NEW YORK (CBSNewYork/AP) -- Security was tight for the Macy's Thanksgiving Day Parade balloon inflation Wednesday.
Tens of thousands of people were expected to head to Central Park to watch the giant balloons take shape. This year, the event began two hours earlier at 1 p.m. and the public had to leave by 8 p.m. instead of 10 p.m.
Spectators like the Pennebaker Family were eager and excited to get a first look at the stars of the parade. It's their first time to New York, and while mom and dad admit they did consider safety, they said they feel confident in the NYPD.
"It did cross our mind, but it didn't prevent us from coming at all," said Bo Pennebaker.
"We trust the New York Police Department completely, so we have no worries, no fears," said Kathryn Pennebaker.
Checkpoints for the event were similar to those in place for the Times Square New Year's Eve celebration, NYPD Chief of Patrol Terence Monahan said.
"We're experts at this, we do this on a regular basis so we'll be able to do it quite easily," Monahan said. "We will get them in and out very quickly."
For the first time, there was only one entrance to the viewing event at West 74th Street and Columbus Avenue.
Visitors walked to Central Park West, where officers inspected bags and scanned visitors with security wands, CBS2's Hazel Sanchez reported.
"We've been moving towards wanding for all our major events, and this is just another step up with that," NYPD Assistant Chief Kathleen O'Reilly said.
There were bag checks, with no large backpacks, chairs, coolers or umbrellas allowed.
"It was good. There were lots of bag checkers coming in. Saw lots of police presence, which was nice," one woman said.
Scott Levy brought his family from Brooklyn.
"I'm a little concerned, but we saw what was happening here and we felt very safe and comfortable," he said.
One spectator told CBS2's Andrea Grymes she waited "at least over an hour."
"A couple of hours, but it's worth the wait," another said.
Some of the other security measures included police snipers on rooftops, officers on horseback and bomb-sniffing dogs.
"You know what, I feel safer. The more security the better," one man said.
"I've seen a lot of policemen, so I feel really safe," another added.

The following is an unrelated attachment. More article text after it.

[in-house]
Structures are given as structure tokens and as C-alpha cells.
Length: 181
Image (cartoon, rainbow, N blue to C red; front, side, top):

In past years, Central Park West was open to vehicular traffic during the event. This year, however, it was completely shut down from 73rd Street to 85th Street and concrete barriers are up along Columbus Avenue from 77th Street to 81st Street to create a safety bubble to spectators.
"Everybody can cue here on Central Park West and enjoy a wonderful event. It's much better, secure, safer footprint for the people to come," said O'Reilly.
"I think it's welcoming, absolutely welcoming. Because you know the threats that can be out there. So absolutely, I'm all for it," a woman said.
"The security coming in here was phenomenal -- a presence every corner. It's very appreciated," a man said.
"There were cops from the entrance all the way up here, so we felt pretty good another that," another added.
Residents who live along the parade route were grateful for the heightened security.
"I think it's all good that they're putting extra police and security. We're always a little concerned, it's a popular block. I think they're doing a good job," one man said.
"They're there, but you don't feel like it's really on top of you. So it doesn't get in the way of enjoying what's happening," another man added.
As Grymes reported, this was all Part 1 of a massive Thanksgiving operation for the NYPD. Part 2 will be Thursday's annual parade.
"There is no credible or specific threat against the parade," Mayor Bill de Blasio said Wednesday night.
Thursday, people can expect to see numerous sand trucks and other blocker vehicles protecting spectators along the parade route.
"You will see thousands of uniformed personnel tomorrow, keeping us safe. There will be long gun teams, too," said NYPD Commissioner James O'Neill.
Officers will be watching from above, as well.
"We have people at high posts. We have people -- observation teams. There will be sniper teams in and around. We will have undercover assets in a lot of different buildings," Monahan said. "So there's going to be a lot you can see out there and a lot you won't see."
The NYPD said it has also been working with hotels to train staffers on what to look for after the deadly mass shooting in Las Vegas. In October, a gunman opened fire from a hotel room on a country music festival.
Despite the fears, many out Wednesday said they felt confident in the NYPD.
"Craziest security it's ever been, but you know what, thank you NYPD for keeping us safe. We feel great," said Rita Andrini, of Sparta, New Jersey.
Police remind the public, as always, if you see something, say something.
(© Copyright 2017 CBS Broadcasting Inc. All Rights Reserved. The Associated Press contributed to this report.)
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